The University and College Union leadership faces a “political reckoning” over its failure to strike a better academic pensions deal, critics have claimed.
Plans to end the final salary scheme offered by the Universities Superannuation Scheme to staff at pre-92 universities were adopted last week after UCU members voted two to one to accept a revised deal from employers.
But voices within UCU Left have questioned why union members came to accept the deal, which they say is only marginally better than the one rejected decisively in a ballot three months earlier.
They claim that the decision to stand down a marking boycott in November put union negotiators in a weak position with institutions, whose offer, they say, did not substantially improve despite strong backing for industrial action.
The low turnout of only 39.1 per cent in the final ballot was testament to disillusionment felt by staff who reluctantly accepted the “rotten deal” or declined to vote because they could not see the union winning a better package, said Sean Wallis, UCU branch president at University College London.
“Most members could not stomach voting ‘yes’ [to back the revised deal], but there was no plan B, no strategy [by UCU] and they were no longer mobilised in industrial action,” said Mr Wallis, a prominent UCU Left member.
Suspending the marking boycott from November meant that staff “missed” an opportunity to take action during exams due to take place in December and the start of January. This resulted in a failure to place any pressure on institutions to improve their pensions offer, he argued.
“There is now an anger with the national UCU that I cannot remember – no one believes it is serious about fighting national action,” he added.
Mr Wallis said that there was bound to be “political reckoning between branches and the national executive” given the union’s tactics in the pensions dispute.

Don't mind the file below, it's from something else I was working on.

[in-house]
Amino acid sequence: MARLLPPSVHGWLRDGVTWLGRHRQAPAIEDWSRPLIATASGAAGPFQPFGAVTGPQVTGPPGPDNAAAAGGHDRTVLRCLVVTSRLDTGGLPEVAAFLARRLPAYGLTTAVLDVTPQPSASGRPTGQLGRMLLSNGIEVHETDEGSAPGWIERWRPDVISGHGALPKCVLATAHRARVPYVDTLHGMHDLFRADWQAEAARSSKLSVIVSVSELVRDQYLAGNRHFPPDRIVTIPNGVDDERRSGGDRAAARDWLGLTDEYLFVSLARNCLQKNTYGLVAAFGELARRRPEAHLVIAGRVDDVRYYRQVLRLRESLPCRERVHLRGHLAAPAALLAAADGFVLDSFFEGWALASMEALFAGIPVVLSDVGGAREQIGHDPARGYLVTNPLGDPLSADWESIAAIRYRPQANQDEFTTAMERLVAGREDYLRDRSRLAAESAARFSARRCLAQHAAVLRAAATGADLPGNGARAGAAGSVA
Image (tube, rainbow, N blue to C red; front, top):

His call comes as voting begins in elections for seats on the UCU’s national executive, which is now controlled by the left-of-centre Independent Broad Left group after several years of UCU Left domination.
However, Jimmy Donaghey, the lead negotiator in the pensions dispute and a member of the Independent Broad Left, believed that his team had “achieved a lot given the ridiculous restraints placed on us”, namely the need to agree a plan to cut the USS’ estimated £20 billion deficit.
The revised deal will result in higher annual pensions for staff than previously proposed, although employee contributions will also go up to 8 per cent compared with the previously mooted 6.5 per cent.
“No one is saying this is a glorious victory, but the majority recognise that the threat of industrial action achieved improvements,” he said.
The suspension of the marking boycott over Christmas had succeeded in gaining a “shift in negotiations”, which then continued until the improved deal was drawn up in mid-January, Dr Donaghey added.
He also pointed to the fact that some universities had threatened to dock the pay of those taking part in the marking boycott as a reason why such action may have been difficult to pursue.
“If the boycott had continued, members would have lost pay for two months and gained very little,” he said.
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